An Interview with Paul Thistle

by Jonathan Lee, MD

I hate pigeon-holing Africa into a giant monolithic entity but I couldn’t help looking out into the foliage and thinking to myself, “if this isn’t Africa, I don’t know what is”? In the northeastern corner of Zimbabwe less than a hundred kilometers from Mozambique and a three hour bumpy ride from its capital, Harare, which I was pre-warned about with a “this is the part where your teeth fall out!” is Karanda Mission Hospital. It sits on top of a hill nestled in lush vegetation serving the very community it looks over. I spoke with Dr. Paul Thistle, an OB/GYN physician from Canada about his lifelong work in the country. Since graduating residency he has worked in Afghan refugee camps in Pakistan in the 1980’s and has also worked in Indonesia as well. But for most of his career he has worked in Zimbabwe, serving 19 years in rural communities not only performing surgeries but also treating patients with HIV and tuberculosis, arguably the number one killer of adults in Zimbabwe and Subsaharan Africa. I discuss what emergency medical care in rural Zimbabwe is like and how he has learned to adapt to an inadequate healthcare system.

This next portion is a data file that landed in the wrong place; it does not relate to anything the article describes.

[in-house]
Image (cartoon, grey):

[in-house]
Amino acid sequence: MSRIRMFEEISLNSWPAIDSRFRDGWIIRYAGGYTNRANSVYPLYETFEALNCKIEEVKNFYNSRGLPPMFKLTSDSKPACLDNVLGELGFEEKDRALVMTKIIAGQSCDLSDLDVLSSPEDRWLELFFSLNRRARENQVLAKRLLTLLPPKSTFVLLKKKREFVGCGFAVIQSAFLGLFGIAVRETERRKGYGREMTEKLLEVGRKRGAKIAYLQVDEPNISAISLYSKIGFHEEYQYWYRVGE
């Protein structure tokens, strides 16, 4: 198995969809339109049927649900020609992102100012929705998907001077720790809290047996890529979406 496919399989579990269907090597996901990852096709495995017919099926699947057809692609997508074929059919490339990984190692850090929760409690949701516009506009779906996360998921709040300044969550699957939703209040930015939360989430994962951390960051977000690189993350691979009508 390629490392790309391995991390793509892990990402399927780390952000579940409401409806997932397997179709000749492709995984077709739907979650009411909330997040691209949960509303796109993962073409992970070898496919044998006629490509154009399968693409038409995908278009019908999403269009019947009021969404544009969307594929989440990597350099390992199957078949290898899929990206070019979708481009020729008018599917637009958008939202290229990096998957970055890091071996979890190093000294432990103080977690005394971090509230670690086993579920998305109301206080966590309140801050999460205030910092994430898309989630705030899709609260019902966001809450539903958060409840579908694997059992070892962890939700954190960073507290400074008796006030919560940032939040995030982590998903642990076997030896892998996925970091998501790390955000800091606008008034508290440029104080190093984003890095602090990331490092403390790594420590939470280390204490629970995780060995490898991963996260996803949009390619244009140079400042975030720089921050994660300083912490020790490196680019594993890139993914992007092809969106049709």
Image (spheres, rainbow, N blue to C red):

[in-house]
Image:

So you’ve worked for the last nineteen years in Zimbabwe. What made you want to work here versus Canada or the United States?

“Well, I had always known that I wanted to work in a resource poor area of the world. It’s a different environment here. People need help here. And to be honest the work is more satisfying as well.”

Tell me about Zimbabwe’s healthcare system.

“In the rural areas, 60 percent of hospitals are being run by churches and 40 percent by the government. In Harare, it’s more like 10 percent mission and 90 percent government. Currently about 15 percent of the population gets medical aid but that still leaves the majority without any access to healthcare. The government hospitals are expensive and so a lot of people even from Harare end up coming all the way up to Karanda hospital for their medical care because it is much more affordable.

Zimbabwe has had a bumpy past. There is a lot of discontent, there are no jobs, there’s certainly no health care system to speak of. There is a lot of disillusionment in the country and in the end, the people suffer.”